The best advice I’ve ever received. . .

-By Jenna DeFabio

I am living proof that we all turn into our parents. Whether it be cultivating a new crop of sales connectors, planning out to-the-minute prep for a dinner party, or maintaining the modern day equivalent of clipping articles and sharing them with friends and family (thank you, social media for making this so much easier to do!), I find myself becoming more and more like my dad every single day.  It’s only right that the best advice I have ever received came from him.

So what did my father tell me? His wisdom came to me in the form of an email after I had been laid off from the non-profit I worked at for five years right out of college.  He knew I had been ready for a change, and although it was scary to be staring unemployment square in the eyes, I was motivated to make this a significant transition into a new career.  I knew I wanted to get into HR or Recruiting, to continue doing meaningful work with people at the focus of my efforts, but I didn’t know how I was supposed to get there.  I was struggling to see a clear path, and that is when his parental spidey-sense kicked in.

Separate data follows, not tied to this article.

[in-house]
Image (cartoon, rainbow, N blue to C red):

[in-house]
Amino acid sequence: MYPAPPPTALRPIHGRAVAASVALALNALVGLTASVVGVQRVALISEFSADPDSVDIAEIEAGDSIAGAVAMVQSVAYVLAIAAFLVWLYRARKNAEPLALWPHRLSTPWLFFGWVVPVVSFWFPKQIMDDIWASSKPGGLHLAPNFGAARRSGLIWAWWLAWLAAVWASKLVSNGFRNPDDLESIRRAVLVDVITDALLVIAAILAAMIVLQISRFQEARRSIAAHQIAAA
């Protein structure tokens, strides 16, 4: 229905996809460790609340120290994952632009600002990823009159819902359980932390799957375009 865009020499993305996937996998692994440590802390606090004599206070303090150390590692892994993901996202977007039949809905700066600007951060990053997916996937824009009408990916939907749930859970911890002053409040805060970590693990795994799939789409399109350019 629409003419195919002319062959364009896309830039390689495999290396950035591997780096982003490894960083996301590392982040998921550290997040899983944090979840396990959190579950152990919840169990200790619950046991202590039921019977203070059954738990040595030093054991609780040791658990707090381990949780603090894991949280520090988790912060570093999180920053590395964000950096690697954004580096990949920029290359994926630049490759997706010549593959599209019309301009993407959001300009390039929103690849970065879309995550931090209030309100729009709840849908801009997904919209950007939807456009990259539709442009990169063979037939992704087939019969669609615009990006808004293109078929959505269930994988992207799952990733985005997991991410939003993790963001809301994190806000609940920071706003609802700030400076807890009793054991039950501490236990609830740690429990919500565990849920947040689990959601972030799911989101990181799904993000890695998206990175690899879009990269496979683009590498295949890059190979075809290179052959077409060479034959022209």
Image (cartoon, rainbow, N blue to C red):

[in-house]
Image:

He sent me this:

Tell everyone you know what you’re looking for—ask for help. Tell your friends, your family, your hairstylist, your barista.  Eventually you will be talking to the person who has the power to get you what you want.

Simple advice, even obvious, but it was something that I hadn’t really thought to do on that level, and it was ultimately what landed me my job here at Maven and kick-started my recruiting career.  It’s Networking 101, and although there are a million reasons why it is difficult for many people to ask others for help, it is so vitally important that we take this risk, and do it often.

Whether in a personal or professional sense, asking for what you want can feel vulnerable, but I have found that the more you do it, the more empowering it becomes! From negotiating contracts, to finding a meaningful career path, strengthening the interpersonal dynamics of your team, or achieving your ideal relationship—you have to tell people what it is that you want. Not everyone will be able to help, but the good news is not everyone needs to help in order for your intentions to be effective.

The next time you find yourself struggling with how to get what you want, take my dad’s advice, and simply ask for it.